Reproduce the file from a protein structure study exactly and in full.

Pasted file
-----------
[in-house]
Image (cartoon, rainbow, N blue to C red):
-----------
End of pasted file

[in-house]
Image (cartoon, rainbow, N blue to C red):